I have a small collection of corporate apologies.
I think software companies in particular are getting quite good at apologies. (Whether they're getting better at not doing things they should apologize for is another matter). Modern software companies generally expect to move quickly and to have relatively transparent communication with their users (at least compared to pre-Internet corporations). Both of these expectation mesh well with good apologizing.
I'm interested in corporate apologies for three reasons.
First, many of the apologies I've collected come from companies whose products I use, like Netflix, EVE Online, Flickr, and Airbnb.
Second, I work for very similar companies, and so while I hope to avoid it by never screwing up, it is entirely possible I'll be in the position of having to write such an apology one day. If that happens, I'd like to do a good job.
Finally, I love looking at different genres of writing. I think of corporate apologies as a very specialized genre, one that is usually written under a great deal of stress (because it usually follows something unpleasant happening), to an unusually critical audience (the apology is happening because some people are very unhappy), in a short period of time (an apology is best delivered as soon as possible).
Here's a few of my favorites:
We are sorry.We made a mistake. Over the last couple of days users brought to light an issue concerning how we handle your personal information on Path, specifically the transmission and storage of your phone contacts….
Dear Followers of EVE Online,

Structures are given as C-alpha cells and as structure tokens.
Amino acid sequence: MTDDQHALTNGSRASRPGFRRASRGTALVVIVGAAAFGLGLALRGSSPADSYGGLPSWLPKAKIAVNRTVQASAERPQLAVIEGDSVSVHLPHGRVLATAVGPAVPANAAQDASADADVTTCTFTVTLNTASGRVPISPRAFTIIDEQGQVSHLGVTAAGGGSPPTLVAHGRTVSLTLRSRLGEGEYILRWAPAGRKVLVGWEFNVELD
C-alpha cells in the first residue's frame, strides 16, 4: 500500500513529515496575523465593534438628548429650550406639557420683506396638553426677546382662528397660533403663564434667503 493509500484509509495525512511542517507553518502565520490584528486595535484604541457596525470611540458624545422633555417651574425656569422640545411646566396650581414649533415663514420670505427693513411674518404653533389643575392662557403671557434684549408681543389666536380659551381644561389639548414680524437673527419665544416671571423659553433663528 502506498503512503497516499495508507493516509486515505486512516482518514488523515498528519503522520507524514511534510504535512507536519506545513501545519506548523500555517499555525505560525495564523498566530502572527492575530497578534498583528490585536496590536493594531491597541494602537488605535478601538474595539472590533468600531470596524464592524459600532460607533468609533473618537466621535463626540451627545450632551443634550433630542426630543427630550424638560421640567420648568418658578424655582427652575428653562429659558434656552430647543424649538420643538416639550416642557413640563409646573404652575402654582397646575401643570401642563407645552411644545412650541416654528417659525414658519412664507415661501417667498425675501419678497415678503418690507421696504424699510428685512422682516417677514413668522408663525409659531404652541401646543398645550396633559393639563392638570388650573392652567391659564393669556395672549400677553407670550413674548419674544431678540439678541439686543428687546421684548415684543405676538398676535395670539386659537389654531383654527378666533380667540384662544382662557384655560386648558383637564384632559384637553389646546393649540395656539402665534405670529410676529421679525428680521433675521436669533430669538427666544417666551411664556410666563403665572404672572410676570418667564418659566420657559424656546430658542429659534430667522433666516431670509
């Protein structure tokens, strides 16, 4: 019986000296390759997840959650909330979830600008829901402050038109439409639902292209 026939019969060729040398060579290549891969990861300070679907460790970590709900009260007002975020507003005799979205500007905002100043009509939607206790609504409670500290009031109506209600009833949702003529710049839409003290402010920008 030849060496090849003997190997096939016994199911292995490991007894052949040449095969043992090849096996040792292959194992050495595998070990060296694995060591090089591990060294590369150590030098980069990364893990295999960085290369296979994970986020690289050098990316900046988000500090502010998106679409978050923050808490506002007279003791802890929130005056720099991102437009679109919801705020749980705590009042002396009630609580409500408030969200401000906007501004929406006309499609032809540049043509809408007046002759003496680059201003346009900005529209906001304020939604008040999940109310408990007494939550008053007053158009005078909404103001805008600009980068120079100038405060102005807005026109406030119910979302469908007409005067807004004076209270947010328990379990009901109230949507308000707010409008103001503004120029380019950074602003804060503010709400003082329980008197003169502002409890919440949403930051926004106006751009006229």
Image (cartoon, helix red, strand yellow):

The past few months have been very humbling for me. I’ve done much soul searching, and what follows is my sincere effort to clear the air with all of you. Please bear with me as I find my way through.
The estrangement from CCP that many of you have been feeling of late is my fault, and for that I am truly sorry. There are many contributing factors, but in the end it is I who must shoulder the responsibility for much of what has happened….
I messed up. I owe everyone an explanation.
It is clear from the feedback over the past two months that many members felt we lacked respect and humility in the way we announced the separation of DVD and streaming, and the price changes. That was certainly not our intent, and I offer my sincere apology. I’ll try to explain how this happened….
DVDs will be staying at netflix.com It is clear that for many of our members two websites would make things more difficult, so we are going to keep Netflix as one place to go for streaming and DVDs….
Last month, the home of a San Francisco host named EJ was tragically vandalized by a guest. The damage was so bad that her life was turned upside down. When we learned of this our hearts sank. We felt paralyzed, and over the last four weeks, we have really screwed things up. Earlier this week, I wrote a blog post trying to explain the situation, but it didn’t reflect my true feelings. So here we go….
Well we really screwed this one up…